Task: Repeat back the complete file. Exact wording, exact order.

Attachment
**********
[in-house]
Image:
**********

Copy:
[in-house]
Image: